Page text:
A Taschen book of botanical illustrations by French artist Pierre-Joseph Redoute, who was known as the Raphael of flowers, is carefully locked away in a cabinet in Cieyou Lim’s office. It is one of his prized possessions and the source of inspiration for the realistic chrysanthemum-, rose- and camellia-shaped freeze-dried bird’s nest that Lim’s Nestbloom brand is known for. “I grew up loving flowers. I think they have been bestowed by nature with a complete design, in terms of its form,” says the 36-year-old founder and CEO.
Since he joined Yan Yuan, his family’s bird’s nest commodity trading business in 2014, he has been devising ways to keep it relevant. He first launched a retail site selling dried bird’s nest sourced from the family’s land in Indonesia, featuring packaging with customisable wooden lids. Last October, following two years of research to perfect the freeze-drying technology on this delicacy without compromising its nutritional benefits, he launched Nestbloom.
“Although bird’s nest is a traditional health tonic, we wanted to make it more relevant to the next generation by creating a product to complement their hectic lifestyles,” says Lim, an economics and business systems programming graduate from the University of Washington in Seattle.
The youngest of three children, his Indonesian family moved to Singapore when he was a child. He remembers his mother bent over a ceramic double boiler, using tweezers to pick out fine feathers from clumps of bird’s nest, before slow-cooking the tonic with American ginseng for hours, for the family.
But don’t call him sentimental. Well aware that his generation has neither the inclination nor patience to cook bird’s nest the old-school way, he figured an instant formula might do the trick. With Nestbloom, the ready-made dessert requires only the addition of hot water to yield a creamy broth generously portioned with gelatinous strands of bird’s nest.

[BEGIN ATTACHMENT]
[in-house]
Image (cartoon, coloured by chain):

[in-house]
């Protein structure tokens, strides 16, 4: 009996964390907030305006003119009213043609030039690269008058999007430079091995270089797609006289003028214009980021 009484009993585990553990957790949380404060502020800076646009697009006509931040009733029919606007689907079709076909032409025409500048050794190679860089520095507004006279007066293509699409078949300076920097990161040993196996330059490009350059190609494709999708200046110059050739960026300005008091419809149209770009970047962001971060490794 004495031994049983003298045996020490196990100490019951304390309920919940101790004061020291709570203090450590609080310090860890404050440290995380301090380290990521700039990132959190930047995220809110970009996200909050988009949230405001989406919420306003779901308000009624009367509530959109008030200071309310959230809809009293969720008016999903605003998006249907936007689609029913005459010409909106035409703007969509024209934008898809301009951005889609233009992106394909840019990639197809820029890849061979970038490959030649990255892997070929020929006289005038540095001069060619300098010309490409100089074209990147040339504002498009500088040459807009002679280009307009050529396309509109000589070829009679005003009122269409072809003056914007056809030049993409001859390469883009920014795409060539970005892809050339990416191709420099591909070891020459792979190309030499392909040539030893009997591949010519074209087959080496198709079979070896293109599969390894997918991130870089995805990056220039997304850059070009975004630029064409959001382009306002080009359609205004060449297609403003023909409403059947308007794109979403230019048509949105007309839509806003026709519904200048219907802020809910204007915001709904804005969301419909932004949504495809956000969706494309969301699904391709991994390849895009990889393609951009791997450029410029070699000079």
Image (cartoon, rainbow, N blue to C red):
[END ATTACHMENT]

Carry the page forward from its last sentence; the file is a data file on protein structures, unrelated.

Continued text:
He also sculpted the prototypes – a hobby that has surprisingly come in handy – for the blooms’ Instagram-friendly floral-shaped moulds. The brand has since sold over 5,000 individually packed “blooms”, a number he is satisfied with for a six-month-old company.
Sporting an immaculately cut fringe and a dewy complexion which he credits to – no surprises here – frequent bird’s nest consumption, Lim, who has three children aged between three and seven, looks barely a day over 25. But the old soul makes it a point to uphold family traditions, such as having meals at his parents’ a couple of times a week.
“My mum takes it upon herself to cook for the children and I help her in the kitchen, like I did when I was growing up,” he says. Now a proficient home chef, he learnt classic Indonesian and Chinese recipes from his mother but professes a love for Japanese cuisine.
Lucky for him, he can indulge in his love for food and travel on frequent multigenerational vacations. He cites Japan as a favourite destination for its many child-friendly experiences. “Happiness is seeing my kids watching out for one another and having family members come together.”
It is this sense of familial commitment that has spurred him to modernise the family business. He says: “People asked me why I would do this, as bird’s nest sells by itself. Even when we first launched, I couldn’t imagine if people would accept it. But I believe that I need to give back to the family and being a part of the business has made my parents very happy.”
I don’t take much sugar, but, once in a while, when I’m having a bad day, I head to Marmalade Pantry for its lemon meringue sponge cake, which I enjoy with a cup of hot black coffee.
To recharge, I run two to three times a week. I also like rock climbing and snowboarding as these sports require full concentration and focus.
I love scenic spots. I’ve hiked in Seattle’s Mount Rainier where I’ve seen mountain lions and snakes. The river by the Arashiyama bamboo forest in Kyoto is very peaceful, too.